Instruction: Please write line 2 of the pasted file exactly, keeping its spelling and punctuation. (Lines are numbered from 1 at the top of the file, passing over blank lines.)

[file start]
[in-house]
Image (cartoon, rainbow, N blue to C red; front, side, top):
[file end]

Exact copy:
Image (cartoon, rainbow, N blue to C red; front, side, top):